California Health Care Transactions Will Face Additional Regulatory Due Diligence as New Office of Health Care Affordability Examines Costs and Market Impact of Transaction | Weintraub Tobin

Certain health care transactions that closed on or after April 1, 2024 are subject to on-notice regulatory review and analysis by a new Office of Health Care Accessibility (“OHCA”) within the California Department of Health Care Access and Information. OHCA will prospectively analyze transactions by conducting a cost and market review of material transactions and report to the public on anticipated impacts on the healthcare market. Information submitted to OHCA by the parties to the transaction will become public information.

These new requirements for healthcare transactions are part of a larger budget bill that seeks to develop a comprehensive understanding of California healthcare cost trends and drivers of spending, as well as strategies cost control. The trailer bill also strives to maintain quality and equity in health care.[1] As part of these efforts, there will be a new Health Care Affordability Board that will set an overall California health care cost growth target for changes in capital spending. The Board may set expenditure targets by health sector.

OHCA will monitor cost trends, including the impact of consolidation, market power, venture capital activity, profit margins and other market failures on competition, pricing, l access, quality and equity. If OHCA determines that the transaction is likely to have a significant effect on the California healthcare market, it will seek input from the parties and the public. Transactions that will be subject to a cost and market impact review are those that OHCA believes are likely to have a significant impact on market competition, the ability of the State to meet cost targets or costs for buyers and consumers.[2]

Parties to healthcare transactions must provide notice at least 90 days prior to closing.

This new regulatory process will be required for healthcare transactions involving healthcare payers, providers and integrated delivery systems. The healthcare providers whose transactions will be subject to the new requirement are:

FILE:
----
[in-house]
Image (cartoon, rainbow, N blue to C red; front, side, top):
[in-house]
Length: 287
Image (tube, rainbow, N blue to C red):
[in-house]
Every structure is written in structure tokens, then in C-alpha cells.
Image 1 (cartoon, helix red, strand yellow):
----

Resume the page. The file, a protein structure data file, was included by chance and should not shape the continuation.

1. Physician organizations, including medical groups of 25 or more physicians, or fewer than 25 physicians if the group is a high-cost outlier;
  2. Clinical laboratories;
  3. Ambulatory surgery centers and approved ambulatory structures;
  4. Some licensed and unlicensed clinics;
  5. Risk-carrying organizations;
  6. Healthcare facilities such as hospitals; and
  7. Imaging centers.

The following transactions are subject to this due diligence process:

  1. The sale, transfer, lease, exchange or other disposal of a significant amount of assets to one or more entities; Where
  2. The transfer of control, responsibility or governance of a significant amount of the assets or operations of healthcare entities to one or more entities.

The following transactions are exempt from the new requirements: those currently subject to review by the Department of Managed Healthcare, the Commissioner of Insurance, the Attorney General, and agreements in which a California county acquires a healthcare provider to ensure continued access to services.

[1] See the Department of Health’s Access and Information Fact Sheet available at: Health Unit Affordability Fact Sheet.

[2] Chapter 47, Senate Bill 184, listed June 30, 2022, see new California Health & Safety Code Section 125706 et seq. from January 1, 2023.

Edward N. Arrington